From One Extreme to Irish Cream!

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Whatever happens on the final day in Ireland’s inaugural Test match against Pakistan in Dublin, whether they go onto a famous victory or brave defeat, Kevin O’Brien, who is already written into Irish cricket folklore for his limited overs efforts, will go down in history as Ireland’s first ever Test centurion.

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For Andy Balbirnie however, there will be no such euphoria. Even if Ireland were to win at Malahide, Balbirnie’s joy at his team’s success will be tempered by the fact that he failed to register a run. He scored a dreaded pair on Test debut and though he took a catch, is unlikely to bowl. Balbirnie has a couple of ODI tons to his name, a reasonable First Class average and time, he is twentyseven-years-old but there are no guarantees that there will be further opportunities for the Dublin lad. Ireland aren’t exactly planning on playing a multitude of Test matches in the immediate future but we should know their fixtures in the next few days. I sincerely hope that Balbirnie gets another chance and can display his qualities.

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At the halfway stage of Ireland’s first Test, like Balbirnie, the ridiculously inexperienced Tyrone Kane had neither a run or a wicket.

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He’s currently hanging on and is, at the time of writing, an epic and selfless 8 not out from 67 deliveries. In contributing with the bat he’s increasing his chances of taking a maiden Test wicket. Even if he were to be dismissed first thing tomorrow morning and fail to take a wicket, he would at least have eight runs beside his name in the record books and at just twenty-three, time to come again.

Meanwhile, when Ireland were slipping to 7-4 on their Test bow, neglected wicketkeeper Stuart Poynter was racking up 170, a maiden County Championship century for Durham against Derbyshire. Poynter’s stats don’t exactly cry out “Test call-up” but if their status played even a small part in motivating Poynter then that can only be good for Irish cricket.

http://www.espncricinfo.com/ireland/content/player/308294.html

It remains to be seen but the Irish can dream!

Ashes Cricket (PS4): Global Test League – New Zealand Run Out… of Ideas!

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When your bowlers need claim only fourteen wickets, you can’t help but think that Test match victories shouldn’t come quite so easily!

Post victory in the Shamrock state, Warwickshire’s Chris Woakes was recalled to the side for the hosting of New Zealand at Edgbaston. Woakes soon snaffled a wicket on his home ground, that of Kiwi opener Jeet Raval, caught behind for seven by debutant wicketkeeper Ben Foakes. That’d be bowled Woakes caught Foakes then! Brought into the side at the expense of Jonny Bairstow following the Yorkshireman’s shabby showing against Ireland in Malahide, Foakes duly put in an exemplary performance behind the timbers. Surrey head honcho Alec Stewart will be proud.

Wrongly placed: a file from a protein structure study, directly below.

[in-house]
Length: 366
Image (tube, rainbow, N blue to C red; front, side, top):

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Woakes made the most of his familiarity with the surroundings. With the new ball in hand whilst Stuart Broad sat this match out, Woakes claimed impressive figures of 3-28 as New Zealand capitulated to 143-9 in their first innings. Only a last wicket stand of forty between Neil Wagner and Trent Boult helped lift the visitors to a slightly more respectable 183 all out. New Zealand’s ineptitude with the bat on such a run-welcoming surface was soon highlighted by England’s willow wielders, not to mention the Kiwis’ own efforts come their second innings.

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Mark Stoneman compiled a career best 82 in an opening partnership of 186 with former Durham colleague Keaton Jennings but was rightly gutted on missing out on a maiden Test century. The Surrey lefty played an unnecessary and inexplicably expansive shot when three figures were peeping above the horizon whilst crying out “Come and get me Mark, please!”.

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Perennially in-form Jennings made no such mistake. His monumental 222 was a dominational knock that left him sitting pretty at the top of the Global Test League run charts whilst averaging an epic 83.29! #Bradmanesque was soon trending on social media. In the interest of fairness, Roston Chase, Dean Elgar and Ross Taylor have all clocked up higher GTL scores in the first four rounds of games.

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Dawid Malan registered his third hundred of the GTL, the most by any individual thus far in the inaugural edition of the competition. The Middlesex man fell for a Test best 155, his partnership of 194 with Adil Rashid was England’s competition high so far as was the team cumulative of 765-9. Regarding the bowling, Neil Wagner claimed absurd figures of 3-256!

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Following his reintegration to the Test side against Ireland, Adil Rashid continued his authoritative all-round performance and seemed destined for a maiden Test century. The Yorkshireman was controversially adjudged run out when on 79 however, though in truth it was an almightily risky run, even if the cameras suggested he’d made his ground.